21 October 2010

Oct 21

Reference links:
Old Testament

Narrative day!

Jeremiah makes unwelcome predictions and is thrown in prison when he is suspected to be defecting to the Babylonians. Jeremiah claimed he was not defecting, but given that his policy is "surrender to Babylon", I am not so sure he is telling the truth.

After that he has a secret meeting with Zedekiah and gets moved to a nicer prison. Then weak willed Zedekiah agrees to let some other people try to kill Jeremiah and, when someone else protests, lets Jeremiah be rescued again. Zedekiah was obviously not a very strong or decisive king, which is probably why the Babylonians put him on the throne. I do have some sympathy for him. He seems to be a very confused man in want of some guidance.

Perhaps that is why he arranges yet another secret meeting with Jeremiah. Jeremiah predicts that only in surrender will Zedekiah find safety for himself and his family. Zedekiah does not want his officials to hear about this and so he asks Jeremiah to lie and say that he was just begging the king for his life. Jeremiah agrees.

New Testament

We finish 1 Timothy today. There are some final instructions, including those warning against too much desire for wealth. The most interesting part of the reading is this:
Anyone who teaches something different is arrogant and lacks understanding. Such a person has an unhealthy desire to quibble over the meaning of words. This stirs up arguments ending in jealousy, division, slander, and evil suspicions. These people always cause trouble. Their minds are corrupt, and they have turned their backs on the truth.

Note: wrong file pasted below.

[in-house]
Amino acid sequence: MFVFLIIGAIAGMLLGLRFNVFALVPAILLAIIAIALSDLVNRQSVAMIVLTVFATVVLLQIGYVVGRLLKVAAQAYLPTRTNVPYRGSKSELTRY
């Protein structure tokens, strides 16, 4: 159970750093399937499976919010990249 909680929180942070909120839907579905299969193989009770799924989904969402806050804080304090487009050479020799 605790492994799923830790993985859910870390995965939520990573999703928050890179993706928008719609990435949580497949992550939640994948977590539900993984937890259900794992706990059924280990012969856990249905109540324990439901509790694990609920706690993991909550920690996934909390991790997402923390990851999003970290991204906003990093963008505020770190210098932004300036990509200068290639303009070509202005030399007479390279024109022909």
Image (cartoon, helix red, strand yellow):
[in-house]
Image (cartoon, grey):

Avoid godless, foolish discussions with those who oppose you with their so-called knowledge. Some people have wandered from the faith by following such foolishness.
Why is it that the author of 1 Timothy feels the need to imply that questioning is the way to doom?  I think this attitude against inquiry is quite possibly the most harmful effect of Christianity. In my experience, I have found that those who do not question their beliefs, whatever they may be, hold those beliefs in a weak and shallow way (and almost always fail to realize it). Those who question their beliefs, again whatever they may be, come to be stronger in their understanding. They may change their beliefs or they may not, but they understand why they believe what they believe and, more importantly, they understand what it would take to change their beliefs.

But it is, I suppose, easier to keep the bulk of believers in that shallow place of immature belief because, as many a former Christian atheist knows, for many people, Christianity fails upon examination.

Psalms and Proverbs

Self control is good!